Ministers pressed to take action on junk mail
Tuesday 05 September 2006
Ministers faced pressure last night to take action to tackle the scale of junk mail being delivered to British householders each year .
Norman Baker, the chairman of the Parliamentary all-party environment group, said he was writing to Alistair Darling, the Secretary of State for Trade and Industry, to demand tighter controls on direct mail, after Government figures showed that more than 21 billion pieces of promotional material were posted through letterboxes each year.
Mr Baker, Liberal Democrat MP for Lewes, who unearthed the figures, said he would also write to the chief executive of Royal Mail, Adam Crozier, to ask what the postal giant could do to achieve a reduction in the quantity of mail.
The Government will report this month on whether it has reached the target to recycle 30 per cent of junk mail that ministers set in 2003.
Under voluntary agreements, direct mail companies accepted a target to recycle 30 per cent of unwanted post by the end of 2005 and 70 per cent by 2013. However, only 13 per cent of direct mail was recycled by the end of 2003, increasing to a quarter in 2004.
Concern about the 65 per cent increase in junk mail since 1997 has increased because of the case of a Royal Mail postman, Roger Annies, who faces a disciplinary hearing after advising customers on his round how to avoid receiving junk mail.
Conservatives and Liberal Democrats have called for reductions in junk mail, amid warnings that each household receives around 168 pieces each year.
Last night Mr Baker said attempts at voluntary agreements to reduce the environmental impact of junk mail had been a failure.
He said: "It is clear that voluntary efforts to reduce junk mail simply have not worked because it is not in the interests of Royal Mail to make it work.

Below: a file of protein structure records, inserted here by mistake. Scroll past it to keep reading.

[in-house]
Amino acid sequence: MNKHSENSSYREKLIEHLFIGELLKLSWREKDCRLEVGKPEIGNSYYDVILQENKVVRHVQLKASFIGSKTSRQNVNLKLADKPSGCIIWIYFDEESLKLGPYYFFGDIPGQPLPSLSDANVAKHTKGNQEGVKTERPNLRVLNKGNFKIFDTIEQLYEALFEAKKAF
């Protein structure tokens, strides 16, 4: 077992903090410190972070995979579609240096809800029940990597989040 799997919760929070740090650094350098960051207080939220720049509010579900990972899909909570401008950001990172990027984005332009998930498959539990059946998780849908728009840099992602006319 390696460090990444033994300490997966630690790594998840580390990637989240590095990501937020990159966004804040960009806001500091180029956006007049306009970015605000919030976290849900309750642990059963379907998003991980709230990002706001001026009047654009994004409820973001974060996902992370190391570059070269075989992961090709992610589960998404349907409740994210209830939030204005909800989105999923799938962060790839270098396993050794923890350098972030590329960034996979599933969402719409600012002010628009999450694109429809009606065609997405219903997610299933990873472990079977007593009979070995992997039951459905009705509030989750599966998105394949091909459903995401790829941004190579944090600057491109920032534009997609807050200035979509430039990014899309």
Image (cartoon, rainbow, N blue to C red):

"This requires government intervention as well as a more rigorous approach by Royal Mail. I shall be writing to the Secretary of State for Trade and Industry to ensure that more is done."
Mr Baker said he wanted to see a reduction in the quantity of direct mail as well as greater recycling rates. "This is about a reduction in junk mail, not just recycling. It is much better environmentally to reduce consumption rather than just recycle mail," he said.
- 1 Sabina Altynbekova, the girl branded 'too good looking' for volleyball, says social media obsession with her is a 'bit much'
- 2 Disney heiress Abigail disowns her share of family profits in West Bank company
- 3 Israel's propaganda machine is finally starting to misfire
- 4 Zayn Malik on Israel-Gaza: One Direction singer bombarded with Twitter death threats after posting #FreePalestine
- 5 'Hello mum, this is going to be hard for you to read ...'
Russell Brand accuses FOX News anchor Sean Hannity of terrorism after aggressive Israel-Gaza debate
Sally Farmiloe dead: Howards' Way actress, and former mistress of Jeffrey Archer, dies aged 60
Sabina Altynbekova, the girl branded 'too good looking' for volleyball, says social media obsession with her is a 'bit much'
Disney heiress Abigail disowns her share of family profits in West Bank company
Australian model Robyn Lawley stages naked protest against huge coal mine seven times the size of Sydney Harbour
The secret report that helps Israel hide facts
Woman and two children killed by mob in riots over 'blasphemous' Facebook post in Pakistan
A day in the life of Vladimir Putin: The dictator in his labyrinth
Putin is 'thuggish, dishonest and reckless', says British ambassador to US
Richard Dawkins tweets: 'Date rape is bad, stranger rape is worse'
Boozy, ignorant, intolerant, but very polite – Britain as others see us
- < Previous
- Next >
£21804 - £31868 per annum: Randstad Education Chelmsford: Qualified and experi...
£21588 - £31552 per annum: Randstad Education Chelmsford: Exceptional teacher ...
£100 - £120 per day: Randstad Education Chelmsford: Would you like to be part ...
£100 - £120 per day: Randstad Education Chelmsford: We are currently recruitin...